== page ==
d. measuring the force generated by the pneumatic cylinder by an in-line load cell; and
e. initiating a timer when a predetermined force is detected by the in-line load cell, which timer times a given period of time, after which pressure in the pneumatic cylinder is released, thereby forming a seal between the laminated sealing cover and each package base which is both detachable and consumer friendly.
2. A method of hermetically heat sealing a laminated top sealing cover to a plurality of individual package bases as claimed in claim 1, further comprising timing a relatively short given time period of time of approximately 0.4 to 1.4 seconds with the timer.
3. A method of hermetically heat sealing a laminated top sealing cover to a plurality of individual package bases as claimed in claim 1, further comprising supporting the array of individual package bases in a support pallet.
4. A method of hermetically heat sealing a laminated top sealing cover to a plurality of individual package bases as claimed in claim 3, wherein the step of supporting comprises supporting the array of individual package bases in a support pallet wherein the support pallet spaces a side of each package base a nominal distance, in a range of 200 to 400 μmeters, from a side of each adjacent package base in the support pallet, to prevent overlapping sides of adjacent package bases, and to provide for easy separation of individual packages.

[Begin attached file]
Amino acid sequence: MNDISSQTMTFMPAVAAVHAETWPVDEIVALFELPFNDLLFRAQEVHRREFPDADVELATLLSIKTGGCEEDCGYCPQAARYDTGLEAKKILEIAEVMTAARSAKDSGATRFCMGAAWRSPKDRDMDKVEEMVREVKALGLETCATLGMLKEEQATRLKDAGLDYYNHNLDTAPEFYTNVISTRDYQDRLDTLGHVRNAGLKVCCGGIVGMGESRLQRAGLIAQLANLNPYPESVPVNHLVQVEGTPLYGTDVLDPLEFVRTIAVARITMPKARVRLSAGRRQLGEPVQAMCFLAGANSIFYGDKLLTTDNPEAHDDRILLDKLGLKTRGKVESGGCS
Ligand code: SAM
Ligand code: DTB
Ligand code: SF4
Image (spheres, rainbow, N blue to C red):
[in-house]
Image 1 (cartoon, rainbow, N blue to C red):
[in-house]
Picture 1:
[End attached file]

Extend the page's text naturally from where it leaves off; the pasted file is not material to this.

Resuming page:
5. A method of hermetically heat sealing a laminated top sealing cover to a plurality of individual package bases as claimed in claim 4, further including providing each package base with a rounded product cavity and alignment notches on two opposite sides of each package base, and providing the support pallet with a rounded cavity for receiving each product cavity of each package base and two alignment rods which fit into the alignment notches on the two opposite sides of each package base.
6. A method of hermetically heat sealing a laminated top sealing cover to a plurality of individual package bases as claimed in claim 1, further comprising supporting the array of individual package bases in a support pallet, wherein the support pallet spaces a side of each package base a nominal distance, in a range of 200 to 400 to μmeters, from a side of each adjacent package base in the support pallet, to prevent overlapping sides of adjacent package bases, and to provide for easy separation of individual packages.
7. A method of hermetically heat sealing a laminated top sealing cover to a plurality of individual package bases as claimed in claim 6, further including providing each package base with a rounded product cavity and alignment notches on two opposite sides of each package base, and providing the support pallet with a rounded cavity for receiving each product cavity of each package base and two alignment rods which fit into the alignment notches on the two opposite sides of each package base.